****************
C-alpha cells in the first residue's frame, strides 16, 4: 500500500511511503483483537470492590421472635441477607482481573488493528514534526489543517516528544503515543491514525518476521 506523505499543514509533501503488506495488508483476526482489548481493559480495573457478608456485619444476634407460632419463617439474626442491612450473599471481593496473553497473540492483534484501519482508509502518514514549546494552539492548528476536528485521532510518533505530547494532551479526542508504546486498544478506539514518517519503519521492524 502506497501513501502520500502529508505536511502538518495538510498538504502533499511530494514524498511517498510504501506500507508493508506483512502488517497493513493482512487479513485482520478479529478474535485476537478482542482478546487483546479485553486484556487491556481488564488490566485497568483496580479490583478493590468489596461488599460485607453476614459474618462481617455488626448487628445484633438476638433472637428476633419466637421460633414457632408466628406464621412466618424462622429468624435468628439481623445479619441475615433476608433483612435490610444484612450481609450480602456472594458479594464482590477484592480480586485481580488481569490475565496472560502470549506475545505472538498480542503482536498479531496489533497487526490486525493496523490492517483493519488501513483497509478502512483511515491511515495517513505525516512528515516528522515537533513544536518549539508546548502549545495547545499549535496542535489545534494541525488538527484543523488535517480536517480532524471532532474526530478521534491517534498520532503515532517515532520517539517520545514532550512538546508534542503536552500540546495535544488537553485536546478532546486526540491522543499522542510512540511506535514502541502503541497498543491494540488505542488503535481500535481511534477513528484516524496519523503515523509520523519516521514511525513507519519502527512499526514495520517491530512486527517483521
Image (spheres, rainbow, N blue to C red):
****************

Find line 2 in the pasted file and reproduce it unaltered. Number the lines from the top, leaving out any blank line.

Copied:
Image (spheres, rainbow, N blue to C red):